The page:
What's Biting Report: Near Shore Fishing Heats Up in Fall on Alabama Gulf Coast
Boy, is it a good time to be an angler on the Alabama Gulf Coast, especially if you don't like to get out of the sight of terra firma.
When fall arrives on the Gulf Coast, the variety of species that are available for anglers who fish from the surf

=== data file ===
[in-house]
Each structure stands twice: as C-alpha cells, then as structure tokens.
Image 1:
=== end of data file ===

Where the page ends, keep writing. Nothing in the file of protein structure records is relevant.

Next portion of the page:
to the few miles out is outstanding. The summer species of Spanish mackerel and king mackerel are still around, and plenty of folks are having plenty of luck trolling spoons and cigar minnows for mackerel. But that's just the start. When the first cool front of the year came through a couple of weeks ago, the catches of whiting and pompano in the surf increased significantly, according to Chris Vecsey at Sam's Stop and Shop in Orange Beach. “We weren't catching many pompano until the front in September,” Vecsey said. “Once that water temperature dropped a couple of degrees, we've been catching a lot more pompano. Of course, the whiting bite picked up, too.” For pompano, some anglers are casting pompano jigs in the surf, but Vecsey said the folks who are having the best luck are using bait. “When you're jigging here, you're basically blind-casting because our waters are not quite as clear,” he said. “I personally don't throw jigs unless the water is clear because the fish don't see them as well. I switch over to bait at that point. I use peeled shrimp, ghost shrimp, and sand fleas.” Most bait shops will have plenty of shrimp, as well as frozen sand fleas. Anglers have to catch their own ghost shrimp with a suction pump in the sand at the surf line. The bait shops will have the pumps needed. When Vecsey is on a whiting bite, he uses bits of shrimp on a small hook like a No. 6 Kahle. “I like to fish single-drop rigs,” he said. “You can fish a two-drop rig, but I like the single-drop because I don't lose as much bait. And I'll catch more pompano when I'm using the single-hook rig.” Vecsey said October is always a great month for catching big redfish off the front beach. “With this next front, you'll start seeing more bull reds on the beach and in the (Perdido) Pass,” he said. “If you're fishing off the beach, you can use cut mullet or a live pinfish for the bull reds. “Then the flounder will start stacking up off the beach as well.” For those fishing near shore, a smorgasbord of species has been biting, according to Vecsey. “In the last couple of weeks, they've caught a couple of sailfish and a few dolphin (mahi mahi) within a few miles of beach,” he said. “One charter caught a blackfin tuna just past the 3-Mile Barge. “This is the time of the year when the ballyhoo and other offshore baits come in close. As long we have good, clean water, you never know what pelagic species are going to come close to the beach.”